This drink is a nightcap. It would go great with a cigar.
The Spot: The Clever Koi, Central Phoenix
The Drink: Hidden in a Crowd
The Hidden in a Crowd cocktail might as well have gotten its name from the lengthy ingredient list. Just how many crowd together for a cocktail measuring no more than a few ounces? Very Old Barton bourbon is there, and so is Carpano Antica sweet vermouth.
And amaro lovers rejoice; so is a house blend of Amari — Contratto, which lies somewhere in-between Aperol and Campari, and Gingembre, tasting expectedly of ginger — and so is Fernet. A 50-50 blend of Peychaud’s and Angostura bitters to add yet another layer.
“Then there’s a bar spoon of gomme syrup from Small Hands,” lead bartender Alyx McMillan says. Gomme largely fell out of fashion for bartenders who liked the viscosity it added to drinks but found it difficult to make — especially when simple sugar syrup is so much easier.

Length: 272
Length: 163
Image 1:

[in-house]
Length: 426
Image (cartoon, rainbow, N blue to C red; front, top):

It’s a dark, brooding cocktail, where the madness and appreciation lies in unlocking its complexity. “The opposite end of the spectrum from the West Indian,” says McMillan. “It’s an after-dinner drink."
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The Spot: The Parlor, Biltmore Area
The Drink: Ciao Bello
The espresso martini has never been the choice of anyone who knows better. Too fussy and bad tasting to be humdrum or "drinkable." The kind of drink Jamie Oliver would tweet out harmlessly, the kind a cocktail historian like David Wondrich would rather not validate.
Likely this is because espresso is an unruly — if not a potentially lively and exciting — ingredient. Most bars can’t pull a good shot, and then there’s the matter of most standard recipes calling for vodka (usually so tasteless that bad poor espresso becomes the star) and, perhaps, creme de cacao.
Michael Allmandinger of The Parlor flips the espresso cocktail on its head. The Ciao Bello incorporates St. George’s NOLA (New Orleans-style) coffee liqueur, salted cacao bitters from Workhorse Rye, and Fernet Branca Menta amaro for a minty twist. Allmandinger lets Italy’s two traditional after-dinner beverages, espresso and amaro, sing in harmony, as they flirt with a minty profile and mint garnish that lands the drink deliciously close to a mint chocolate frappuccino from Starbucks; a distant flavor memory, but a good one.